Consumers have welcomed mince pies in all forms, year in-year out. Incorporating this traditional bake in the form of a cupcake, financier or even a pancake infusion have seen bakeries succeed. 

With this traditional bake expected to fly off the shelves more than last year, small and medium craft bakeries who offer a luxury alternative could be set to prosper. 

Croissants, with a Christmas twist

While traditions are here to stay, European choices have found a place in consumer’s hearts. The Christmas-inspired croissant was a huge hit in 2019, and with Christmas holiday enthusiasts having to curb their needs to step on a plane this December, the croissant (alongside other options such as stollen, panettone and salted caramel florentines) is set to be a hit.

Last year saw the rise of infusions such as nuts, gingerbread, pear and cinnamon. A lot of options carried design extras too, such as gingerbread men, Christmas hats, trees and stars. 

Doughnuts and cakes, perfect for gifts 

Festive doughnuts and cupcakes have been – and will continue to be – a winning choice for bakers. Last year saw some delicious infusions including spiced pumpkin, peppermint, mincemeat, zesty orange, gingerbread, white chocolate and panettone. 

Adorn with a festive design, sprinkles or artwork and you’ll find gift boxes and singular bakes dashing off your shelves. 

Vegetable infusions

From root vegetable Christmas cake to candied beetroot to spiced pumpkin curd cones, vegetable options are increasing in popularity. With more consumers, notably generation Z, caring about health infusions in their food choices, baking is no exception. 

With Christmas bringing with it a range of vegetable options to experiment with, now might be the time for craft bakeries to work their magic on some new recipes.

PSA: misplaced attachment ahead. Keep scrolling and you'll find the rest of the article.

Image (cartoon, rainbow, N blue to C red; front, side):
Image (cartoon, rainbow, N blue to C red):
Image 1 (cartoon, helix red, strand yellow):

Social media and content could have a huge role to play

For those bakers who are making strides with their social media, video content such as a “bake-alongs” or similar, are likely to continue trending. 

With more families at home, embarking on their own home-bake adventures these videos or live feeds will be a great activity to take part in. Bakers could cash in by selling (or even delivering) ingredients or extras to accompany these videos, or by using the content as a platform to advertise more complex or impressive bakes that customers can find in-store. 

Sustainability and eco-conscious decisions 

Sustainability and eco conscious purchase decisions have only heightened during COVID-19, so shopping locally, asking about ingredients and packaging is part of the buying decision now. Ensure you cater for sustainability in your designs and bakes, it will set you apart from competitors. 

When should you tease your Christmas bakes? 

Trend data reveals that consumers begin their search for Christmas bakes at the end of October and early November. This trend continues upwards until it falls dramatically a few days before Christmas on the 21st-23rd of December. 

Using this data, it would make sense for your bakery to promote Christmas bakes, discounts and gift ideas at the end of October. 

Helping bakers across the nation this Christmas 

If you’re looking for help kick-starting your baking activities this Christmas, why not put your trust in a company who’ve helped to deliver baking perfection since 1904? We’re here for your industrial and retail bakeries this Christmas; let us help keep your consumers jolly. Get in touch via email or phone